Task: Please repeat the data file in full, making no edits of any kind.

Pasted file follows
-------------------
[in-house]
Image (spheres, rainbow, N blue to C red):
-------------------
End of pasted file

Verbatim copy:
[in-house]
Image (spheres, rainbow, N blue to C red):